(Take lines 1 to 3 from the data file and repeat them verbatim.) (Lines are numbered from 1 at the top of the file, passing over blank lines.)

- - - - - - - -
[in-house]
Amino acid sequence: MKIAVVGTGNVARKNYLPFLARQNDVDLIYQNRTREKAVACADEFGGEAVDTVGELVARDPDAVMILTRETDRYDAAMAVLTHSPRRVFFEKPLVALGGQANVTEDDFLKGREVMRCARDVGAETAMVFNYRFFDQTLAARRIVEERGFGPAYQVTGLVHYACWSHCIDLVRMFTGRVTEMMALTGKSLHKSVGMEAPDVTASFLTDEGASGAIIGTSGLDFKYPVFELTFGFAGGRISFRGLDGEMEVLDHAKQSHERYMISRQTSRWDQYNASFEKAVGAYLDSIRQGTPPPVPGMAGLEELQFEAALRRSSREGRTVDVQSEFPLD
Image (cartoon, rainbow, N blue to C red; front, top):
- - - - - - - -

[in-house]
Amino acid sequence: MKIAVVGTGNVARKNYLPFLARQNDVDLIYQNRTREKAVACADEFGGEAVDTVGELVARDPDAVMILTRETDRYDAAMAVLTHSPRRVFFEKPLVALGGQANVTEDDFLKGREVMRCARDVGAETAMVFNYRFFDQTLAARRIVEERGFGPAYQVTGLVHYACWSHCIDLVRMFTGRVTEMMALTGKSLHKSVGMEAPDVTASFLTDEGASGAIIGTSGLDFKYPVFELTFGFAGGRISFRGLDGEMEVLDHAKQSHERYMISRQTSRWDQYNASFEKAVGAYLDSIRQGTPPPVPGMAGLEELQFEAALRRSSREGRTVDVQSEFPLD
Image (cartoon, rainbow, N blue to C red; front, top):